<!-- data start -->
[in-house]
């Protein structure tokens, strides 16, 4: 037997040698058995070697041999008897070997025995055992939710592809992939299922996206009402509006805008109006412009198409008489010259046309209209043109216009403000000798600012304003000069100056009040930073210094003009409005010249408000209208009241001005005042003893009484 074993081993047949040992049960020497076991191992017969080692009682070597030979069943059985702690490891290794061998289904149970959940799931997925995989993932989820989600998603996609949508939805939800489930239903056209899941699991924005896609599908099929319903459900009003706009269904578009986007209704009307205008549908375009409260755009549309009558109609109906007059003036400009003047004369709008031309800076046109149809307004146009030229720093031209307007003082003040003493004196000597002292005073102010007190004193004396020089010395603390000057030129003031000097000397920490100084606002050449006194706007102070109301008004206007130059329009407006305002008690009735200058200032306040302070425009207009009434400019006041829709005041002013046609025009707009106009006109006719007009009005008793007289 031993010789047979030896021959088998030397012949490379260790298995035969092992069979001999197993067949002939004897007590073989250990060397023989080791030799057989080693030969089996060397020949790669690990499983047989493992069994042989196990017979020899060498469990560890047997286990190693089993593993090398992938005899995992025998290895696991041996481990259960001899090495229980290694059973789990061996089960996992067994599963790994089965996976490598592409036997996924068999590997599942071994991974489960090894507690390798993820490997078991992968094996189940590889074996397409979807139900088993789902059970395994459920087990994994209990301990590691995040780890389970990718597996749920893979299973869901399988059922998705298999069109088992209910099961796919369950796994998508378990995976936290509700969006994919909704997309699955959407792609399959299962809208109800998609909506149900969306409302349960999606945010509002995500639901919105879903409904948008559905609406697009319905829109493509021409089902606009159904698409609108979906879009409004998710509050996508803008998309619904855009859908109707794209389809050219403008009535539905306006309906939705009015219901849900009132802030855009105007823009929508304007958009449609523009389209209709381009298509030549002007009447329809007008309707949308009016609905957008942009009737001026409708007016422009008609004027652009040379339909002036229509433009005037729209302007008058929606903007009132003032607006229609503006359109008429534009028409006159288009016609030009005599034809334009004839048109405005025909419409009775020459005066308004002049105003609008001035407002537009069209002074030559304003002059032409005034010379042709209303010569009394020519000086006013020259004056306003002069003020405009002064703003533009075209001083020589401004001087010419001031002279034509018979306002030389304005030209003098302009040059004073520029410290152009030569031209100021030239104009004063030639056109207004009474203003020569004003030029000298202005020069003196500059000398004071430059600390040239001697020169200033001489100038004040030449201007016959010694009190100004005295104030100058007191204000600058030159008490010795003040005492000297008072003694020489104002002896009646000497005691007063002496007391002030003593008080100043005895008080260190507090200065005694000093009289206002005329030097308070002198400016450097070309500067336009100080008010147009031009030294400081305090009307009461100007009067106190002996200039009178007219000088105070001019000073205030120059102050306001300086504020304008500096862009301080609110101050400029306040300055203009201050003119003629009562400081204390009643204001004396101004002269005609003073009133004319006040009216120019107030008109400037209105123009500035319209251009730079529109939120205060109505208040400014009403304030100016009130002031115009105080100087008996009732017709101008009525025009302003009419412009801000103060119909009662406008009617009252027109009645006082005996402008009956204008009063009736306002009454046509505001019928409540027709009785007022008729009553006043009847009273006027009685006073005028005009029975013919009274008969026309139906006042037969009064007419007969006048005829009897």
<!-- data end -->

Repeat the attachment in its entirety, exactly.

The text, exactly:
[in-house]
């Protein structure tokens, strides 16, 4: 037997040698058995070697041999008897070997025995055992939710592809992939299922996206009402509006805008109006412009198409008489010259046309209209043109216009403000000798600012304003000069100056009040930073210094003009409005010249408000209208009241001005005042003893009484 074993081993047949040992049960020497076991191992017969080692009682070597030979069943059985702690490891290794061998289904149970959940799931997925995989993932989820989600998603996609949508939805939800489930239903056209899941699991924005896609599908099929319903459900009003706009269904578009986007209704009307205008549908375009409260755009549309009558109609109906007059003036400009003047004369709008031309800076046109149809307004146009030229720093031209307007003082003040003493004196000597002292005073102010007190004193004396020089010395603390000057030129003031000097000397920490100084606002050449006194706007102070109301008004206007130059329009407006305002008690009735200058200032306040302070425009207009009434400019006041829709005041002013046609025009707009106009006109006719007009009005008793007289 031993010789047979030896021959088998030397012949490379260790298995035969092992069979001999197993067949002939004897007590073989250990060397023989080791030799057989080693030969089996060397020949790669690990499983047989493992069994042989196990017979020899060498469990560890047997286990190693089993593993090398992938005899995992025998290895696991041996481990259960001899090495229980290694059973789990061996089960996992067994599963790994089965996976490598592409036997996924068999590997599942071994991974489960090894507690390798993820490997078991992968094996189940590889074996397409979807139900088993789902059970395994459920087990994994209990301990590691995040780890389970990718597996749920893979299973869901399988059922998705298999069109088992209910099961796919369950796994998508378990995976936290509700969006994919909704997309699955959407792609399959299962809208109800998609909506149900969306409302349960999606945010509002995500639901919105879903409904948008559905609406697009319905829109493509021409089902606009159904698409609108979906879009409004998710509050996508803008998309619904855009859908109707794209389809050219403008009535539905306006309906939705009015219901849900009132802030855009105007823009929508304007958009449609523009389209209709381009298509030549002007009447329809007008309707949308009016609905957008942009009737001026409708007016422009008609004027652009040379339909002036229509433009005037729209302007008058929606903007009132003032607006229609503006359109008429534009028409006159288009016609030009005599034809334009004839048109405005025909419409009775020459005066308004002049105003609008001035407002537009069209002074030559304003002059032409005034010379042709209303010569009394020519000086006013020259004056306003002069003020405009002064703003533009075209001083020589401004001087010419001031002279034509018979306002030389304005030209003098302009040059004073520029410290152009030569031209100021030239104009004063030639056109207004009474203003020569004003030029000298202005020069003196500059000398004071430059600390040239001697020169200033001489100038004040030449201007016959010694009190100004005295104030100058007191204000600058030159008490010795003040005492000297008072003694020489104002002896009646000497005691007063002496007391002030003593008080100043005895008080260190507090200065005694000093009289206002005329030097308070002198400016450097070309500067336009100080008010147009031009030294400081305090009307009461100007009067106190002996200039009178007219000088105070001019000073205030120059102050306001300086504020304008500096862009301080609110101050400029306040300055203009201050003119003629009562400081204390009643204001004396101004002269005609003073009133004319006040009216120019107030008109400037209105123009500035319209251009730079529109939120205060109505208040400014009403304030100016009130002031115009105080100087008996009732017709101008009525025009302003009419412009801000103060119909009662406008009617009252027109009645006082005996402008009956204008009063009736306002009454046509505001019928409540027709009785007022008729009553006043009847009273006027009685006073005028005009029975013919009274008969026309139906006042037969009064007419007969006048005829009897």